The Court did not explicitly order the termination of the Israeli offensive. This could justifiably disappoint the Gaza population and those who are subject to increased oppression in the West Bank and East Jerusalem. But this decision is in line with the Court’s usual display of caution when it gives a ruling based on the Genocide Convention.
Thus, in the Bosnian and Gambian cases, it did no more than indicate to the States involved (Serbia and Montenegro, Myanmar) their obligation to prevent genocide and to make sure it was not committed by their armed forces.2 It is true that, in the case between Ukraine and Russia, the Court went further but the question put to it was quite different and that cannot therefore be considered a true precedent.3 Ukraine was asking the Court to decide whether Russia’s accusation of genocide in Ukraine was justification for a military operation on Ukrainian soil. Adjudicating urgently in that case as well, the Court agreed with Kiev and ordered Moscow to “immediately suspend” its military operation.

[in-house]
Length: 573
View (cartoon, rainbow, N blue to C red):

In reality, respecting the measures ordered here would imply, for Israel, the suspension of its offensive. This is because of the characteristics and nature of the terrain on which that offensive is being carried out. The Court demands (…) that Israel prevent genocidal acts and make sure that such acts are not committed by its army (measures 1 and 2). And what are these acts? Those identified in article II a), b), c), and d) of the Genocide Convention:
Killing members of the group,
Causing serious bodily or mental harm to members of the group,
Deliberately inflicting on the group conditions of life calculated to bring about its physical destruction in whole or in part,
Imposing measures intended to prevent births within the group.
Now, considering the specificity of the Gaza Strip (a constricted space, very densely populated) and the nature of the Israeli military strategy (massive bombings, targeting hospitals, drastic siege), only the cessation of the offensive would enable Israel to obey the Court’s order. This holds true as well for the basic services and humanitarian aid which must be allowed to be supplied (measure 4). Finally, we must note that the Court demands that Israel prevent and punish incitements to commit genocide (measure 3). Considering the statements quoted by the Court in (…) its order, (…) Israeli officials could be under investigation in their own judicial system, while the continued dissemination of genocidal language alone could be enough to establish the responsibility of the State.
The consequences of the order